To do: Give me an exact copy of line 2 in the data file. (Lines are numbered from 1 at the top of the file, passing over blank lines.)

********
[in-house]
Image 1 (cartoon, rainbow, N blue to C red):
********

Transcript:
Image 1 (cartoon, rainbow, N blue to C red):